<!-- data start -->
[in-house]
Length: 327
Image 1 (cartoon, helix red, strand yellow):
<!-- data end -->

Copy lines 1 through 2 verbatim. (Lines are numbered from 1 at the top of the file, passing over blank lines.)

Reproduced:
[in-house]
Length: 327